Archive for the 'Research' Category

Texas Brigades Inspire Careers

Wednesday, September 13th, 2017
Bobwhite Brigade Cadets. Image: Texasbrigades.org

Bobwhite Brigade Cadets. Image: Texasbrigades.org

This is Passport to Texas

To categorize the Texas Brigades as “summer camp” is like calling a mountain lion “a kitty cat”.

This is not a normal summer camp. This is meant to be a lot more than that.

Writer, Aubry Buzek wrote a story about the Brigades for the October  issue of Texas Parks and Wildlife magazine.

The editor of the magazine said, I want you to go to this summer camp and write about it. And I was thinking: Okay. There’s going to be fun stuff happening; I get there and it’s in the middle of a session on how conservation groups work in Texas….and conservation and hunters ethics. And I was like, Whoa!

The 5-day, cell-phone free, camps for youth build confidence and camaraderie with projects, public speaking and debates on conservation issues.

There are some really amazing instructors who come to this camp. There are instructors there who are wildlife biologists from Texas Parks and Wildlife, other private hunting ranches, water control authorities…just the gambit of [conservation] organizations in Texas. The kids get to meet people not easily accessible. Every instructor that I talked to said that they want these kids to pick up the phone and keep in touch with them. They want to help them grow now and into the future.

Aubry Buzek’s story on the Texas Brigades appears in the October issue of Texas Parks and Wildlife magazine.

The Wildlife Restoration program supports our series.

For Texas Parks and Wildlife…I’m Cecilia Nasti.

A Fungus is Finally Among Us

Wednesday, May 3rd, 2017
Locations where fungus detected.

Locations where fungus detected.

This is Passport to Texas

The fungus that causes White nose Syndrome, a disease that affects hibernating bats was detected for the first time in Texas earlier this year. Texas Parks and Wildlife mammologist, Jonah Evans says it may have been present for up to a year…

… but at levels too low to detect. So, when you look at the maps of the spread of the fungus across the united States, those maps are always going to be behind where the disease actually is.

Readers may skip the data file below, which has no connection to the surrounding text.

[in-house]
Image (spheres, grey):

Researchers discovered six caves in six Panhandle counties with the fungus.

These are locations where we had previously identified as the most likely for the fungus to turn up first. And sure enough, it did. And so, we had expected to see the disease and the fungus to slowly move across Oklahoma towards Texas. For me, personally, it was a bit of a surprise to have it suddenly one year we go there and it’s all over the place.

For the past six years, the caves in question have come up clean when surveyed.

Likely, it came in at extremely low levels first, and slowly spread. And then, one winter’s worth of growth of the fungus in all of these sites suddenly put it over that threshold where we are now able to detect it.

Find more information on White Nose Syndrome in bats, and decontamination protocol if you go caving, on the Texas Parks and Wildlife website.

The Wildlife Restoration program supports our series.

For Texas Parks and Wildlife…I’m Cecilia Nasti.

Citizen Scientists Take Biological Inventories

Monday, March 21st, 2016
Getting up close and personal with Texas critters.

Getting up close and personal with Texas critters.


This is Passport to Texas

With the help of biological inventory teams of citizen scientists, Texas Parks and Wildlife monitors plants… herps…

Which are the amphibians and reptiles…

…birds and invertebrates…

…and that would mainly be: butterflies, dragonflies, beetles, bumblebees and such….

…in Texas’ 8 wildlife districts; Biologist Marsha May oversees the program. She says she’s recruiting experts statewide to join these monitoring teams.